Like most fighters, Casey O’Neill knows that some of the toughest battles she’ll ever face happen in the gym rather than the octagon.
Especially considering she’s rarely squaring off with anybody her own size.
“Only training with guys means I’m always the littlest fish in the sea, but we keep swimming,” O’Neill recently wrote on Instagram days out from her return against Roxanne Modafferi at UFC 271. “Some days maybe good, some days maybe sh*t.”
The revelation that O’Neill only works with male fighters might seem strange, especially considering she primarily trains out of Xtreme Couture in Las Vegas, which is one of the largest and most diverse gyms in combat sports. While there are other female fighters working within the same room — all of whom she considers friends and teammates — O’Neill explained to MMA Fighting that when it comes to sparring days, she only wants to see a male training partner standing across the cage from her.
“I only spar with boys. I don’t spar with girls,” O’Neill said. “I just think that it works out better for me because we can go a little bit harder and no one’s feelings get hurt.
“I love the girls at Xtreme [Couture] and I love being friends with them. A few of them are a lot smaller than me, obviously other than Miesha [Tate] and Taylor Guardado, who I do train with, but Miesha’s been busy doing her own thing. The rest of the girls are strawweights or sometimes even smaller than that.”
According to O’Neill, she’s encountered more problems training with women in the past than men. As widespread as women’s MMA has grown in recent years, O’Neill explained that the overall number of females training at the highest level is still rather small, and that can potentially create problems in a gym atmosphere.
“I’ve had multiple things that, it just doesn’t work out the best,” O’Neill said. “Because also when you look at it, there’s so little females in the sport that everyone’s ego gets a little bit in the way. I love just being able to train with the boys, because they’re not looking at me as an opponent.
“If there’s girls in the gym and they’re in the UFC or whatever, they could maybe look at you as an opponent or something like that, or you could fight them down the line, and I’m never going to fight any of these guys. It’s a mixture of both, of whether I like it better or there’s been some problems in the past.”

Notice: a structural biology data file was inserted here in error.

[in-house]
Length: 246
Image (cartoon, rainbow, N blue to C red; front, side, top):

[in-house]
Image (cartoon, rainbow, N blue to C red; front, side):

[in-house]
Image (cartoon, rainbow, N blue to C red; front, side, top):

O’Neill added that enjoys that she’s often outgunned by her male sparring partners when it comes size and power, even if some days are harder than others.
“I like to train with people who are bigger than me, stronger than me, faster than me, better than me,” O’Neill said. “Because once I start being able to catch up to them, then they have to up it on me again. I just try to train with boys all the time.”
To be fair, O’Neill said she enjoys training alongside her fellow women’s fighters at the gym as well, and she works with them quite often while getting ready for a fight.
Former UFC champion Miesha Tate is a textbook example, because O’Neill looks up to her in many ways and she would much rather call Tate a teammate than an opponent.
The way O’Neill views it is no different than why some champions in the past have shied away from training alongside other top fighters in the same weight class, as that kind of situation is just begging for conflict to eventually arise. Approaching her training with that mentality helps O’Neill get better while avoiding any possible drama between teammates.
“Me and Miesha are great friends and we have trained together in the past and we will probably continue to train together a little bit in the future, but we don’t explicitly spar with each other and we’re not in the gym at the same sessions everyday and stuff like that,” O’Neill said. “I think it’s better to keep it separate.
“Like I said, females in this sport, especially in your division, is such a small amount of people that if I become the champion or she becomes the champion, then it’s something that we would maybe look at fighting each other, but until then we are just passing ships in the gym.”